Welcome Willowtrail Henry!

Willowtrail Henry at 31 hours

Willowtrail Henry at 31 hours

I didn’t realize how much tension I was holding, awaiting the birth of my first foal this year.  All that tension vanished, though, when Willowtrail Henry entered the world.  I was blessed to be able to act as midwife for his birth, and as always it was amazing to watch how quickly he began getting to his feet.  His abundant energy made for a long wait before he got serious about nursing, though!

The inspiration for Henry’s name comes from three places.  His father’s grandsire was Lunesdale Henry, an esteemed stallion from that longtime stud, whom I was fortunate to spend time with in 2006.  The breeder of my Henry’s mother’s mother was Henry Harrison of the no-longer Sleddale stud.  I was blessed to talk to Mr. Harrison and receive historic photos of his ponies in 2011.  Finally, the picture on the May 2019 page of the Fell Pony Society calendar is of Waverhead Henry with the late Miss Mary Longsdon, MBE.  I had great respect for Mary’s work as chairman of the Fell Pony Society and for the many things she did on either side of that part of her service to our breed.  I first spoke with Mary in 2007 and was thrilled to meet her in 2015 when I visited England.

Henry is out of Willowtrail Wild Rose, the daughter of my first Fell Pony Sleddale Rose Beauty.  I am sentimental about this line for many reasons, and I am very interested in continuing it.  Now begins the long wait to get a filly like Henry!  While my pH-of-the-milk foaling predictor was off by a few days, Rose had an incredible amount of wax an hour before Henry was born.  Long time Cumbrian Fell Pony breeder Christine Robinson called it ‘candles’ and I can see why!  I appreciate that Rose chose to foal at noon and when I was on hand to help.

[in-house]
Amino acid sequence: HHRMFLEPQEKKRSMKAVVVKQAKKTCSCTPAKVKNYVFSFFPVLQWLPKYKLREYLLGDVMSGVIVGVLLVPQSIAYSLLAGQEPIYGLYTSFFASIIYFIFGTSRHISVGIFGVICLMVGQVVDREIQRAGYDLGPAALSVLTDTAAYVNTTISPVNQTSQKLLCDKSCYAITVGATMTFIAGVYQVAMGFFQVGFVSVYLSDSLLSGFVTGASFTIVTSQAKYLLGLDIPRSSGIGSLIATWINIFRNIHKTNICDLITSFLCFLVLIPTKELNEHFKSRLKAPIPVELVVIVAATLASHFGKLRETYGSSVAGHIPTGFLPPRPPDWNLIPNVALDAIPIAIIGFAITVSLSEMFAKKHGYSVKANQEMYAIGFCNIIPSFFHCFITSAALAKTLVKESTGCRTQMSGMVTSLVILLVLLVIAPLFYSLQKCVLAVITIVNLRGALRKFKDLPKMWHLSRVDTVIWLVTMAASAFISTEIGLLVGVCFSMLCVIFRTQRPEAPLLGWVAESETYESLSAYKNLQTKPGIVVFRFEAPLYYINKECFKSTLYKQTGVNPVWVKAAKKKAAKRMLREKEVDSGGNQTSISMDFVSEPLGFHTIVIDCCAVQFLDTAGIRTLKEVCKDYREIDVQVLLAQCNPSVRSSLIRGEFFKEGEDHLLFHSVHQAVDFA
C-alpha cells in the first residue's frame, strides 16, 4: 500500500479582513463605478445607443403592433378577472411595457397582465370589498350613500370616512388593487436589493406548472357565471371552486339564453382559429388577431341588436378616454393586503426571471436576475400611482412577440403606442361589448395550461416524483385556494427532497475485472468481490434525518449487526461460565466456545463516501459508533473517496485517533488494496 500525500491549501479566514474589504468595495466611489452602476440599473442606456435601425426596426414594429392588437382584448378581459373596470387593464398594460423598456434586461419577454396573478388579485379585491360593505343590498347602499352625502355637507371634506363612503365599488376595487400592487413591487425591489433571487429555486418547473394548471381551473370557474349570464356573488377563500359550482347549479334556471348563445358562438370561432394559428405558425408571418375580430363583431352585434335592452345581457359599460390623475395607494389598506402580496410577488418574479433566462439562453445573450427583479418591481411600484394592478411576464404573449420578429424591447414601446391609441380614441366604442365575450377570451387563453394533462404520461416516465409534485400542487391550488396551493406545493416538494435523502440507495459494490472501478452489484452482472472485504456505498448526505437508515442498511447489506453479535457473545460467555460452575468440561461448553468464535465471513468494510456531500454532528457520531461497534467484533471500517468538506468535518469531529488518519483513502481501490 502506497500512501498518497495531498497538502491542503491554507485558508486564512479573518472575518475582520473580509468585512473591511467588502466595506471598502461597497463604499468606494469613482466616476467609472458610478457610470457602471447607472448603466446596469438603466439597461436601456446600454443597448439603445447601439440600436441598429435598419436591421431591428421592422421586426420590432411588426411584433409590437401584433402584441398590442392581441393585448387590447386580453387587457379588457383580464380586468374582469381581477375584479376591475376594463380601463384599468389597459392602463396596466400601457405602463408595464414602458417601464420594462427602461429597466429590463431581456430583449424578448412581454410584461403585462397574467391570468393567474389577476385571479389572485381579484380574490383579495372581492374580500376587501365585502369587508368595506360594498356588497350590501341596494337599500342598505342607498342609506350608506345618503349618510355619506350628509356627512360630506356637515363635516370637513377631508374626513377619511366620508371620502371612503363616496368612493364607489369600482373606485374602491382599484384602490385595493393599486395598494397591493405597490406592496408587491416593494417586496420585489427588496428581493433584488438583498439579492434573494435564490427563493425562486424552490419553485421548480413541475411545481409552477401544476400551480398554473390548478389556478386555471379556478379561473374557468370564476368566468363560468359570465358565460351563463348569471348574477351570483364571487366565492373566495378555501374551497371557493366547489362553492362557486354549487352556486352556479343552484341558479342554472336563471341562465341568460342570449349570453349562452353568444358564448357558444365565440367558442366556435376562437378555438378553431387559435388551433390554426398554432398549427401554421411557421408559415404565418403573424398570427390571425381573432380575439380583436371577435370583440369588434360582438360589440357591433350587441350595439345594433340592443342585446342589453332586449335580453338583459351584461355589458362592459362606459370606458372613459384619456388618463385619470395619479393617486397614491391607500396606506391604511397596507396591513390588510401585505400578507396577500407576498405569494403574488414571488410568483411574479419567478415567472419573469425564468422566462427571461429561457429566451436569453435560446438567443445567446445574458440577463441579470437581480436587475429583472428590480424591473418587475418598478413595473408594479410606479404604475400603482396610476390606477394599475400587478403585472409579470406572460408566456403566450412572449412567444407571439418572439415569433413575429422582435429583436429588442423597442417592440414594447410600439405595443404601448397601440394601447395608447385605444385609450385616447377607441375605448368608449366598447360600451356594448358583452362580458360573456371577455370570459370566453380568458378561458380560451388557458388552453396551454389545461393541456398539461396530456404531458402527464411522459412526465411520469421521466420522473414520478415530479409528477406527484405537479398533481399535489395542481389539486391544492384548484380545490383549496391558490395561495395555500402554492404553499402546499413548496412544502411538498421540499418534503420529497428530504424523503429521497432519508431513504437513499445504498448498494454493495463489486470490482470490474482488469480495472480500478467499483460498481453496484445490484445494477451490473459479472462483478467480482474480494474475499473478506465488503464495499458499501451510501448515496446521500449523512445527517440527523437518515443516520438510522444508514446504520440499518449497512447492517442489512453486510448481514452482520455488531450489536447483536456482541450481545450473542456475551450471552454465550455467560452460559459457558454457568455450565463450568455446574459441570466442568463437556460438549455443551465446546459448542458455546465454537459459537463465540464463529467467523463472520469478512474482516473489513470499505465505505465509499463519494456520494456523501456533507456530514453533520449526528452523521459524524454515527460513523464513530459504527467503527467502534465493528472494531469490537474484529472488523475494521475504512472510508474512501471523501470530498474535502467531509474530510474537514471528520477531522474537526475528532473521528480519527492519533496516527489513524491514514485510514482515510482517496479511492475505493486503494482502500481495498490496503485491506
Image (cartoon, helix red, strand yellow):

Rose waxing

Henry is my first foal by Kinniside Asi.  While I did as much research as I could in choosing Asi as a stallion, there remained uncertainty about my choice until Henry hit the ground.  No longer!  I have told Papa he did good several times!  Asi’s mother threw three colts in a row.  I sure hope Asi and Rose don’t have that sort of pattern; it will be hard to wait that long to get a filly I can keep!  I can certainly see some of Lunesdale Henry in Asi’s face; maybe someday I’ll see it in my Henry’s too.

The late Lunesdale Henry

The late Lunesdale Henry

Henry is proving to be one of the friendliest foals I’ve ever had.  And pictures are becoming harder to take as his eyesight improves; he comes to see me as soon as I get anywhere close!  What a blessing it is to share life with these ponies!